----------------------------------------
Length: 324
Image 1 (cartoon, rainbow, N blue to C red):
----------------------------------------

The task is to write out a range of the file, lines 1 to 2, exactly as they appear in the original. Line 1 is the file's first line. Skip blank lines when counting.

Length: 324
Image 1 (cartoon, rainbow, N blue to C red):